Past Clients can Become Marketing Allies

Think about your past remodeling customers as a customer for life, which will allow you to maintain or build your brand in your market.

February 28, 2009


Doug Dwyer
Contributing Editor

As I thought about what to write in this month's column, I began to think about the core of every business: the customer. Think about your past customers. How have they helped your business? Of course, they have contributed to your sales objectives, but I recommend you think of them as a customer for life, which can create a win-win relationship. If you do a quality remodel and give them a great customer experience, then they can become your biggest marketing ally.

Now more than ever, we in the remodeling industry need as many allies as we can get. With the current economic climate, we must take advantage of remarketing to our past customers as an inexpensive yet proven grassroots marketing tactic. Naturally, if your clients have chosen to do business with you, they typically know people like themselves who need similar work done to their homes. As the old saying goes, “Birds of a feather flock together.”

When considering ways to take advantage of grassroots marketing utilizing client relationships, ask yourself the following questions:

Am I staying in touch with my past clients?

Right now, remarketing is one of the most cost-effective marketing tactics you could undertake. Staying in continuous contact with past clients allows you to maintain or build your brand in your market. In addition to sending mailings to past clients, find the time to actually call them. See if there are any current challenges or needs that you could solve or service. Perhaps right now they just have a small job, but they may have a longer-term need for a larger remodel.

How happy are your recent clients?

A good way to find out is through customer satisfaction surveys. Ideally, it is good to hire a third-party vendor that specializes in customer surveys; customers will be more candid with a third-party than they will with your staff or you. Yet, if you're like most in the industry now, you're looking at cutting expenses, not incurring new costs. If you do not have the budget to hire a third-party to facilitate the survey process, then I encourage you to at least do in-house surveys.

If you are already doing surveys, then you know the value the responses can be to your company. With the customer's permission, you can use their comments as a powerful marketing tool. And, if you find someone that is unhappy with their remodel and you go back to their house and resolve the issue, then they are likely to be one of your best referrals.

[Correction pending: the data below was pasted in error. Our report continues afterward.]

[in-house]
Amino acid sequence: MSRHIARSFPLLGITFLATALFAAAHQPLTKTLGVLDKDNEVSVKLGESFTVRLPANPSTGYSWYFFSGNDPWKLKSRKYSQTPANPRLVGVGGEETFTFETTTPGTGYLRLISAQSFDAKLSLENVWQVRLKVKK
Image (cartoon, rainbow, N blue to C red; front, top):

What happened to those leads that never closed?

If your phone is not ringing as much as it used to, take some time to go back and look at the leads that your team did not book. Now is the time to maximize what you already have around you. There may be some opportunities here to make a sale now or in the near future. Sometimes you will find that these prospective clients did not end up using one of your competitors — they simply put the project on hold. By following up, you can get an update of when and if they plan to begin their project.

Remember, when times are as challenging as they are now, it is easy to want to lower your profit margin to make a sale. What I have learned over time is that if a client is ready to do business with you, they will do so regardless of if you lower you margins. And, if they are not ready to get started on that remodeling project, it's rare that lowering your margins will turn them around. The clients you're going to lose, you're going to lose regardless.

What now?

As you and I continue to lead our companies, we must not forget the backbone of our business: our customers. There is great opportunity within our contact lists and all of those old customer files. This does take a commitment of time, because in addition to making phone calls to clients, you may also need to transfer old paper files to your computer to do mailings with ease. But, I can tell you, it's worth it.

I encourage you to be proactive and begin the remarketing process if you haven't already. It is time to get back to the basics and make sure we are fostering those client relationships, creating win-win relationships.


Author Information
Doug Dwyer is president and chief stewarding officer of DreamMaker Bath & Kitchen, one of the nation's largest remodeling franchises. He can be reached at doug.dwyer@dreammakerbk.com.

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